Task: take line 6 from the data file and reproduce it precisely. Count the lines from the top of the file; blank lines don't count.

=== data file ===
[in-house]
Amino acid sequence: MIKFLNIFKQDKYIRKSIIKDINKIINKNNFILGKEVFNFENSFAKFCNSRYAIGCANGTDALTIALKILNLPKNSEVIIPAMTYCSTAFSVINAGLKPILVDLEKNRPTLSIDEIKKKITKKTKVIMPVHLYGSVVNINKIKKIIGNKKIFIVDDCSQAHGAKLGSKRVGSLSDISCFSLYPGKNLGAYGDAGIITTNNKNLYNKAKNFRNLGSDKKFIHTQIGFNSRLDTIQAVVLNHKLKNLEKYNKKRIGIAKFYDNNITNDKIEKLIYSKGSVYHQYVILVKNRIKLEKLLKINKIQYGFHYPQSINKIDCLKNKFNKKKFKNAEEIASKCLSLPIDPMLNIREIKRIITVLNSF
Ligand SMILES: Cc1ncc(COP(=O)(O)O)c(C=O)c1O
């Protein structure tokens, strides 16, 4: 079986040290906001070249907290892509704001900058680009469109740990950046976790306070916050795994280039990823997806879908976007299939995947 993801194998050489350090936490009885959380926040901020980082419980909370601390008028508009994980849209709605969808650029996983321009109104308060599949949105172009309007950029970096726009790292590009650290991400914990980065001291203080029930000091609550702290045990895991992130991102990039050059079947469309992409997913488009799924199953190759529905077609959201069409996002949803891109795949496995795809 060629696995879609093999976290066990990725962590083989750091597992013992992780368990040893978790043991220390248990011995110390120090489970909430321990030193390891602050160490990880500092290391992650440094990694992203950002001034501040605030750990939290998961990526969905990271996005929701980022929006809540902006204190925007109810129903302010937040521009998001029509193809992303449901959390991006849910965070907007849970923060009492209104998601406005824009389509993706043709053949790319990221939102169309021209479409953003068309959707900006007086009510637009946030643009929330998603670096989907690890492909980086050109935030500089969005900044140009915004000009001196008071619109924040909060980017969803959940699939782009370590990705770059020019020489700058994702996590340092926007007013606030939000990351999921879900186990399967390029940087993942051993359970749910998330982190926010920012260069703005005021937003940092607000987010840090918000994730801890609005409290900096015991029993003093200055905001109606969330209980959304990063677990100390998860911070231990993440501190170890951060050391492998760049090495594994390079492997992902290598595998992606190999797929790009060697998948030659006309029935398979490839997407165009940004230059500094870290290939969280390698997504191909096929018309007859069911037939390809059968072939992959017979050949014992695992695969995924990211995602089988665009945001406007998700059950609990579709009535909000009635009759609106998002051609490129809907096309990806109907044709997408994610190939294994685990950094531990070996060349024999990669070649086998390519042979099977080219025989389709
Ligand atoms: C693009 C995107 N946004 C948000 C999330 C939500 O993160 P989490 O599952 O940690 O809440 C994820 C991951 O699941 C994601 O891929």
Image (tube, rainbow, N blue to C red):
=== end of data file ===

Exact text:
Image (tube, rainbow, N blue to C red):